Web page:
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William

Pinckney

1935

Captain William “Bill” Pinckney was the first African American to solo-circumnavigate the world via Cape Horn (the hard way). Pinckney was honored by senators, former President George Bush, and foreign dignitaries for his dedication to education and his numerous other accomplishments.

William Pinckney was born on September 15, 1935, in Chicago. Attending public schools in Chicago, Pinckney joined the U.S. Navy after graduating from high school in 1954.
After having served for eight years in the Navy, Pinckney became involved in the cosmetics industry, first as a freelance make-up artist, then, in 1973, as a marketing manager for Revlon. In 1977, Pinckney became the director of marketing at John Prod, another cosmetics company. Going to work for the city of Chicago in 1980, Pinckney took a post as a public information officer with the Department of Human Services, from which he retired in 1983.

Throughout the course of his career, Pinckney’s real passion remained sailing. Having sailed the Great Lakes and oceans for more than thirty years, Pinckney decided to embark on a solo trip around the globe in 1990. Pinckney’s route took him around the dangerous tip of South America, considered to be some of the most treacherous waters in the world; upon successfully realizing his dream, he was honored as the Chicago Yacht Club’s Yachtsman of the Year in 1992, and Chicago Magazine named him Chicagoan of the Year in 1999.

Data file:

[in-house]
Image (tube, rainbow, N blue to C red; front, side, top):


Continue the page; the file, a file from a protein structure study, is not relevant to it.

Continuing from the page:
Combining his passion for sailing with his interest in history, particularly naval voyages of the seventeenth, eighteenth, and nineteenth centuries, Pinckney’s next adventure was aboard the Freedom Schooner Amistad. In January 1999, Pinkney and his crew set out to retrace the Middle Passage slave trade routes; the purpose of the project was to educate people about the original Amistad, as well as about the slave trade and human rights. Pinckney teamed up with PBS and several corporations to create a television special, and to bring teachers from across the country on board en route so that they could experience the trip firsthand.

Pinckney also wrote a first-grade textbook, Captain Bill Pinckney’s Journey, which appeared in more than 5,000 schools across the country. Pinckney was honored by senators, former President George Bush, and foreign dignitaries for his dedication to education and his numerous other accomplishments. Pinkney was a trustee of Mystic Seaport, a museum devoted to the history of America’s interactions with the sea; and as a director of the American Sail Training Association.

Honors and Accomplishments:

  • Chicago Yacht Club’s Yachtsman of the Year in 1992
  • Honored by senators, former President George Bush, and foreign dignitaries for his dedication to education and his numerous other accomplishments.
  • Trustee of Mystic Seaport Museum
  • A past director of the American Sail Training Association.
  • Chicago Magazine named him Chicagoan of the Year in 1999.
  • n January 1999, Pinkney teamed up with PBS and several corporations and he and his crew set out to retrace the Middle Passage slave trade routes on the Freedom Schooner Amistad. The purpose of the project was to educate people about the original Amistad, as well as about the slave trade and human rights.
  • Pinkney also wrote a first-grade textbook, Captain Bill Pinkney’s Journey, which appeared in more than 5,000 schools across the country.

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